The Baldwin Library: A Reader’s Perspective

Dear Reader —

Deep inside the walls of Smathers East, among the pages of Special Collections, lies the heart of a child. For some, that child is Alice, Cinderella, or Tom Sawyer. For others, the child is Little Red, Peter Rabbit, or Harry Potter. The Baldwin Library of Historical Children’s Literature, a collection thirty-five years in the making, holds these well-loved children’s classics by the thousands.

Whether you love entering another dimension or world, or enjoy the clever construction of pop-up books, or those that speak, or even those non-fiction topics such as space or the environment, the stacks (as they are fondly referred to) hold a collection that is as varied as it is old, perfumed with the smell of old paper, frayed cloth, and patched leather. One would expect as much from a collection that houses over 130,000 books, manuscripts, ephemera, religious tracts, periodicals, and games. It is both wondrous and intimidating. The child in you, the one that reads deep into the night with no more than a flashlight beneath a blanket, will most certainly weep with joy, for isn’t this every reader’s dream? To have access to a place where the number of books to choose from far exceeds the hours in a day?

There are, of course, classics from childhood. The Chronicles of Narnia. Little Women. And who could forget Winnie the Pooh? There are too many versions of Alice’s Adventures in Wonderland to count, but there is one that is quite magnificent. It is a large, hefty edition illustrated by surrealist painter Salvador Dali, and the colors blend and bleed together in beautiful renditions.

Lion Witch
The Lion, the Witch, and the Wardrobe is book two of C.S. Lewis’ The Chronicles of Narnia and is perhaps the most widely-known of all books in his well-loved children’s series. (23h53902).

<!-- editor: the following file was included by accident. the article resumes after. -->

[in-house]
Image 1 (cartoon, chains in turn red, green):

First edition of A.A. Milne’s Winnie the Pooh. Illustrations by E.H. Shepard. (23h2834)
When Alice meets the Caterpillar in this exceptional version of Alice’s Adventures in Wonderland by Lewis Carrol. Illustrations by Salvador Dali. (39p1841 Oversize)

The Baldwin Library is a glimpse into an older, slower life. These are books from a different time. The old worn cloth-bound covers, the expertly embossed letterings of early British children’s literature—a main collection focus. The oldest book in the collection, Aesop’s Fables, was published in 1668, yet it remains intact. There is even a circus display, a new acquisition showcasing a form of juvenile entertainment, where you can balance paper figurines on top of a tightrope.

For you, dear reader, this is as close to peace as you might ever experience. For when you flip through the stories that first sparked your love of the written word, you are transported back to that feeling of self-discovery. Your imagination awakes from its slumber. You see yourself in Dorothy and Harry, Frodo and Scheherazade, on a journey of triumph and great change.

Perhaps the child in us never leaves.

(Featured image at top of article: A selection of Mickey Mouse’s adventures in The Better Little Books by Walt Disney.)

Submitted by Alex Warwick, student intern in the Special and Area Studies Collections.


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